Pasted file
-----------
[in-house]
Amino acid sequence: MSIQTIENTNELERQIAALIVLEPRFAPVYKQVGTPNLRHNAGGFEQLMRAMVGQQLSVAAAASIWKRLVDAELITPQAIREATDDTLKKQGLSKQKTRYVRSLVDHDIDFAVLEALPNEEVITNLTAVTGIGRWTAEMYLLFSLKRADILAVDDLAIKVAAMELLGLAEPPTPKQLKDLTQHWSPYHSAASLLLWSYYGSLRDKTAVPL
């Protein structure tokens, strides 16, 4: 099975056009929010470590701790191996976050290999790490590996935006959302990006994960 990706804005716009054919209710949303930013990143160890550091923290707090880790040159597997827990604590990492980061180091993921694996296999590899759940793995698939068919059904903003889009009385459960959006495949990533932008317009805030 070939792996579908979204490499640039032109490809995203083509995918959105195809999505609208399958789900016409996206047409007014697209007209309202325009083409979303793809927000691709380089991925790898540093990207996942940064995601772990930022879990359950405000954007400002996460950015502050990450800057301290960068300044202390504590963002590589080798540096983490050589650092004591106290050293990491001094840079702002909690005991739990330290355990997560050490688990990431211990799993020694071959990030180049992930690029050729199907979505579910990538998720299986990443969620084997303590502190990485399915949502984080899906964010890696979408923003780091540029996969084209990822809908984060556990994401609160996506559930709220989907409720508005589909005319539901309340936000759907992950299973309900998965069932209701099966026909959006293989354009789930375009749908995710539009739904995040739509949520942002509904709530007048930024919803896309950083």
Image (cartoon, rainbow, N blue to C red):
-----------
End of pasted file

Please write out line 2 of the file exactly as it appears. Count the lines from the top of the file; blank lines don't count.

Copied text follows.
Amino acid sequence: MSIQTIENTNELERQIAALIVLEPRFAPVYKQVGTPNLRHNAGGFEQLMRAMVGQQLSVAAAASIWKRLVDAELITPQAIREATDDTLKKQGLSKQKTRYVRSLVDHDIDFAVLEALPNEEVITNLTAVTGIGRWTAEMYLLFSLKRADILAVDDLAIKVAAMELLGLAEPPTPKQLKDLTQHWSPYHSAASLLLWSYYGSLRDKTAVPL